There are a lot of different architectural approaches to enable agility, but today I’m covering the microservice architecture in relation to an integration service layer. Microservices give you decoupled services organised around the business capability. Payment transactions or identity services for instance. When we build the backend services, we use Kotlin for the reasons explained here. How you choose to code is up to your organisation. It’s really important that the services have clear boundaries, full test coverage and distributed tracing. Breaking the monolith up into services means that more people can get involved without tripping each other up. It all helps to build faster and move forward safely.
Org design for capacity and speed
We organise around the mission, and our teams mirror the different business priorities at the time. Each of our feature teams has a mix of skills. Frontend and backend engineers, product owners, QA, UX designers and more. They have the autonomy to set their own priorities and make sure they deliver customer features. They’re empowered to focus on the features which benefit the customer and are responsible for their release cadence.
Technology choices for on-demand deployments
Making good technology choices enables on-demand change. Public cloud is a given these days for a whole bag of reasons. On top of cloud, we have a Kubernetes cluster (or clusters) which orchestrates the deployment of the backend microservice containers.
Deployments to the Kubernetes cluster are defined in code which is stored in the GitHub version control system. Changes can be rolled across the cluster in minutes with no customer impact. To keep it even safer we can do canary releases or A/B testing, either defined in the Kubernetes deployment or through the use of a service mesh like Istio.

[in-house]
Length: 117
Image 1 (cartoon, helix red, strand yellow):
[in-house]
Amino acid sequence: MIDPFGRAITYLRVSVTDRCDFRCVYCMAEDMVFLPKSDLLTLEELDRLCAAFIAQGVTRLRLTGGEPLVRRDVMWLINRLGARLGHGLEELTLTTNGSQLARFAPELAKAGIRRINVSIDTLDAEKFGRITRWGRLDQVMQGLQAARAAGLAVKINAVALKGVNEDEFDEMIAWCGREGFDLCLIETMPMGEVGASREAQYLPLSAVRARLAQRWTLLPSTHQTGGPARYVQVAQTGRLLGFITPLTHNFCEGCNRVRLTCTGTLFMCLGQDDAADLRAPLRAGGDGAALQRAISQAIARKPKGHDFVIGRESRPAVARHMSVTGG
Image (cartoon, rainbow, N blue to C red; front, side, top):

Gone are the days of detailed backout plans and restores from backup. It’s a smaller change and everything we need to get the service layer to a point in time is safely stored as a versioned bit of code or configuration.
Build using repeatable pipelines for safety
The continuous integration and delivery pipeline can be likened to the manufacturing line of a factory. It takes the code and configuration, builds the images for the services, tests them, deploys them and then tests them again. Deployments are triggered by a source code event which runs the workflow end-to-end. This puts the deployment in the hands of the feature team. Gone are the days of the three-day change lead time and 10 approvers.
Test like you mean it
Finally, the testing coverage needs to be top-notch, and the end-to-end tests against the external API need to cover the different interactions from the mobile or web app. With this, deployments can be performed across the day without the risk of breaking things.
There’s a lot to consider when thinking about releasing features quickly into the hands of the customer. Getting the technology and architecture right is a big part. But people and ways of working are just as (if not more) important. With alignment to a mission, the feature teams are empowered, and the culture around them provides a nurturing environment for them to be successful.
Without adaptability and flexibility, financial institutions will not survive the recession. That’s why getting it right has never been so important. With spending on technology projected to reach $236bn in 2023, companies need to make sure they’re investing as much in their culture and ways of working.